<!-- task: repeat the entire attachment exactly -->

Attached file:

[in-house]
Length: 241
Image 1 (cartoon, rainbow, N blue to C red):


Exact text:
[in-house]
Length: 241
Image 1 (cartoon, rainbow, N blue to C red):